Mediating Conflict,
Embracing Peace

Sometimes an old flame can’t accept that it’s over

It was fun while it lasted, and perhaps the breakup wasn’t mutual, but for you, the relationship had run its course. For whatever reason, you were ready to move on. Maybe your partner’s intensity was one of the driving factors behind your decision to end it. While you probably wanted to be as kind as possible, you are beginning to think you did not make your message clear.

Does your ex-partner keep texting or calling you? Is he or she waiting for you when you get home from work? Are there other times when your ex shows up uninvited that create an awkward or embarrassing situation for you? If you are still receiving communication from your ex and you want it to stop, you may be experiencing unlawful harassment.

Anti-harassment protection order

Washington laws protect you from unlawful harassment. If your ex is contacting you, intruding on your privacy and interfering with your life, you may be the victim of harassment. You may receive a barrage of text messages or inappropriate pictures or texts throughout the day. Your ex may be watching you or following you. You may receive unwanted gifts or ill-timed visits. For a court to determine if these actions have reached the level of harassment, certain factors must exist, for example:

  • You have not initiated contact with your ex.
  • The behavior of your ex is upsetting or irritating you.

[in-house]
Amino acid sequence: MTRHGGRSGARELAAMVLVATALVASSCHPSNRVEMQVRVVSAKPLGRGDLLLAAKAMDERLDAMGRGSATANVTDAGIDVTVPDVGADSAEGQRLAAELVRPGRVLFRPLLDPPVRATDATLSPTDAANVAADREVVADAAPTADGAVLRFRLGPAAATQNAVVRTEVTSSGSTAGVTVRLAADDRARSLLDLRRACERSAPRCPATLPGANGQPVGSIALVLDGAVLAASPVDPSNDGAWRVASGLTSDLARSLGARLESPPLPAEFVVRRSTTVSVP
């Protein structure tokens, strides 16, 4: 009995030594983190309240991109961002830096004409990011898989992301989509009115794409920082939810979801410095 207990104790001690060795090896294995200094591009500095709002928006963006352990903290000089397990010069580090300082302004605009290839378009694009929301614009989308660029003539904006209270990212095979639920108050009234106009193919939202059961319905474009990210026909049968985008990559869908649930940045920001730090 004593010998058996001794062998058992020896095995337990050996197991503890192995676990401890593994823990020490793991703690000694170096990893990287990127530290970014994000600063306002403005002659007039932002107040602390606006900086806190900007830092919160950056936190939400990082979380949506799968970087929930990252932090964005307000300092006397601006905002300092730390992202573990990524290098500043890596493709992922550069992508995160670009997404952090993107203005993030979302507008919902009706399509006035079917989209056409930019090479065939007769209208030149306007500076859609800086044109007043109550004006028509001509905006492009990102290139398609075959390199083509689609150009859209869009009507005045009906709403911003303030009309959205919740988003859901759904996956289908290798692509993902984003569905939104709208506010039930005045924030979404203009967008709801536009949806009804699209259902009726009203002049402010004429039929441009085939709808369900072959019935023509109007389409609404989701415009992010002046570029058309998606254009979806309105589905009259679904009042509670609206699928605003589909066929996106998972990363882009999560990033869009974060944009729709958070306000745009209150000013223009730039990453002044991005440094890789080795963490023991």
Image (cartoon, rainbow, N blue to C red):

• The harassment is ongoing and seems to have a purpose known only to your ex.
  • The actions of your ex are making it difficult for you to live a peaceful, normal life.
  • You are feeling considerable stress because of the circumstances in which your ex places you because of the ongoing behavior.
  • You have made it clear to your ex that you no longer want the behavior to continue.

Despite your requests and demands that the contact stop, if your ex persists, you may have no choice but to obtain an anti-harassment order from the district court. This process involves completing a series of forms, filing them with a court clerk and appearing for the scheduled hearing, which is usually about two weeks later. A successful hearing will result in a court order barring your ex from contacting you for up to one year.

While the presence of an attorney is not required for this process, you may have questions about the process itself or about your legal rights. You may also want assistance with the detailed and time-consuming documentation and the often-confusing process for filing your petition. Additionally, it is not unusual for harassment to cross over into violence. With the assistance of an attorney, you will have an advocate who can assist you in obtaining the appropriate protections to ensure your safety.